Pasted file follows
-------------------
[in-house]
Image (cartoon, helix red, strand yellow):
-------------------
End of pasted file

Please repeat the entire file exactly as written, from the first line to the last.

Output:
[in-house]
Image (cartoon, helix red, strand yellow):